Let me start back at the beginning, before satellite trucks were parked across the street, blocking my driveway. Before our "Sundaes on Saturdays" campaign, the Mocktail Milkshakes, and Spreckles the Clown. I'll begin on the sweltering Lower East Side of Manhattan, with the peddler with the horse-drawn cart: A rotund, sweating man. Salvatore Dinello. His last name was stenciled on the side of his wagon in flaking red and gold paint. DINELLO'S ICES. He was the last of his kind, really. Most other vendors had already started working for wholesalers by then. Mr. Dinello wore a slouch cap and a brown canvas smock. Instead of shouting like the other hawkers, he sang. "I-SEES, I-SEES." Like an aria. Oh, it was marvelous. I could hear his baritone all the way down Hester Street, above the incredible din.
Dinello's Ices came in lemon and sometimes cherry. They had the consistency of snow. Once, when Flora and I were supposed to be fetching dinner, I bought a scoop for us instead. We de- voured itcherry, I rememberand our mouths turned lurid, candy red. It was delicious. It was a delirium. But immediately afterwardoh, such guilt we felt! That two cents was supposed to go for a potato. From then on, I tried to keep my distance.
But whenever we were on Hester Street, I'd watch longingly as Mr. Dinello scooped a small, glittering mound into his tiny glass cup for a customer. The customer licked the cup clean, then handed it back to Mr. Dinello, who rinsed it out in a zinc pail dangling from the back of his wagon. He used the same cup for each person. That's just how it was back then.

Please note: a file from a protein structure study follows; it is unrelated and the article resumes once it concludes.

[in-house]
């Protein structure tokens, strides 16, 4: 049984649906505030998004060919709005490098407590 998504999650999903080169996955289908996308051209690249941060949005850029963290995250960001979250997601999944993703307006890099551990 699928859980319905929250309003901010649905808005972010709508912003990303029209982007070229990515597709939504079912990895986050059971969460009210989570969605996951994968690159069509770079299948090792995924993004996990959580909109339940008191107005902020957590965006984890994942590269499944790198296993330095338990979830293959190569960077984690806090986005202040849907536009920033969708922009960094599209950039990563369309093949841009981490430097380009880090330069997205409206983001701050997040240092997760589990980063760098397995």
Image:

Our family didn't have a penny when we stepped off the boat. But whose did? The people who arrived in America with money, their stories aren't interesting. So your eldest brother, Lord Such- and-Such, inherited the family estate, and you, Poor Thing, had to make your fortune in the New World instead? Please. Don't even bother me with that.
At the time of my accident, we were living in a tenement on Orchard Street, on the fourth floor in the back. We paid a tailor named Mr. Lefkowitz two dollars a week to let us sleep in his parlor. Mama took cushions from the settee and spread them across a pair of creaky wooden crates. During the day she worked for Mr. Lefkowitz cutting patterns with two other women in the front room in a cloud of airborne fibers.
When he wasn't in the streets himself, Papa worked for Mr. Lefkowitz, too. He pressed shirts with a heavy iron heated up on the stove in the kitchen. When the hot metal hissed against the cotton, it smelled like burnt vanilla. I loved that smell. Years later I tried to re-create it in our laboratory.
My parents worked within seven feet of each other. And yet, they weren't speaking.
Their plan, you see, hadn't been to go to America at all.
Excerpted from the book The Ice Cream Queen of Orchard Street by Susan Jane Gilman. Copyright © 2014 by Susan Jane Gilman. Reprinted by permission of Grand Central Publishing. All rights reserved.
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